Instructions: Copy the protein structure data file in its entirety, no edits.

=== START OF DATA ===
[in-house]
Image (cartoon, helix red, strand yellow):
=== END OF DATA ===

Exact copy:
[in-house]
Image (cartoon, helix red, strand yellow):